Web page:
First Time Home Buyers
When buying your first house – Buy what you can afford, not what the bank will let you afford. That’s how countless people have gotten into deep trouble and
ended up in foreclosure faster than they could have ever imagined.
My rule of thumb is to buy 3 times what you bring home in a year. So if you’re making $50,000 a year buy a house that is $150,000. If you go to a bank they will say
to take out a 30-year mortgage which will make your mortgage cheaper and you could afford up to a $200,000.
Read this over and over – DO NOT BECOME HOUSE BROKE. What this means is don’t buy a house where the payment takes almost all of your income. So many people do this
because I guess it shows their friends how much of a house they can afford. And this is a main cause of people going into major debt problems. When your house
is taking all of your hard earned cash, you then start going out and buying things on credit. And you keep opening credit cards to buy things for the house and going
out for entertainment, etc. Then you make the minimum payment on the cards because the house is taking all your money.
Here’s something to think about if you’re a single person and you buy your first house. Have one of your friends move in and charge some rent. That will help you
out with the mortgage and utilities. Then you can increase your savings and minimize your expenses all in one shot.
Buy a Rental property
If you’re looking into buying a rental property “Congrats!” I strongly believe everyone should be buying one. If I had to make a recommendation then I would say
to look for a duplex/multi-family.
If you have a single family house if the tenant moves out you have to make the house payment plus any other expenses on that property until you find another
tenant. Now if you have a duplex and one tenant moves out you still have one tenant in the property giving you money which means less money coming out of your
pocket to cover the remaining expenses.
When purchasing a rental property here is the key to buying……BUY THE UGLIEST HOUSE. You might have heard this theory before and it is the truth. When I first
started out buying properties I bought the ones that needed a little fixing up so they were basically priced a bit under a normal house price in the area. So I
thought I was getting a good deal. And I have noticed that everyone does the same thing when buying their first rental property they’re going the safe
route I guess you call it and buying the house that needs that little work to get it into shape.
Then I started buying houses that were so ugly you didn’t even want to go in there. I mean I have walked through some houses that were just absolutely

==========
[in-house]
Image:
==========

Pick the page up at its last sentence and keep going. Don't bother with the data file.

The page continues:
disgusting. Sometimes I had to cover my nose and mouth because the smell was just horrible. It’s better to buy a house with no plumbing, holes in the wall, windows
knocked out etc. Buying this way basically means you have to rehab the entire house which is what you want. So when it’s all done you have almost everything
new in the house. What does this mean…house looks great, tenants love it, things won’t break, appraised really high because it’s like a brand new house. And
with buying a house like this you probably bought it so low to begin with, there will be a lot of equity after you finish fixing it up. When it’s rehabbed and
freshened, then you can use it for your next rental property.
Here’s a quick equation to consider when looking at every rental property you want to buy:
Rental Income – Mortgage, Taxes, Insurance, Water/Sewer = Profit
Don’t spend money unless you really really have to. Like if the faucet is ok looking but you want to go buy a brand new one just to make it look better
or if you want to replace the lights with ceiling fans. Cash is King! Keep that cash in your pocket or bank account. If things work leave them alone. You
always want to have extra cash sitting around in case things break and that’s when you want to spend your money.
The Ugly House
Buying the ugly houses will make you rich! Never, ever pay full price for a piece of real estate. You want to walk into the place that you’re buying and the first thought
that should come through your mind is that you don’t even want to walk through this house because it’s so ugly.
Say you’re looking at the houses in the area and they go for about $100,000. Picking up a house that needs some work might be selling for $85,000 which you might
think “wow” $15,000 under value that’s a good deal and I’ve seen so many people do that. What you want to do is to buy a house for like $50,000 or $60,000, approximately
half off the going price for that area. You might be saying no houses go for that cheap. Guess again, they do. You just have to keep a lookout and keep doing your
homework. I would rather have 1 house that I bought for half off then 5 houses that I bought for say 10-15% off.
How Will Real Estate Help Me In Retirement
I believe everyone should own at least one rental property. If you’re working and your employer has a 401k that you have been investing in for many years and have a
certain lump sum amount of money in there you really can’t retire until your 59 ½ because that’s when you are able to take that money out without tons of fees and
penalties. With a rental property, you could have that paid for and making you pure income until you can get to your 401k money. You could get by living off what
the rental property would generate each month until you reach your 401k vesting age.
Also, if your rental property is making $500 profit a month, for example, that income could be used to apply to your car payment or utilities in retirement and for
your whole retirement that expense would never have to be looked at again.
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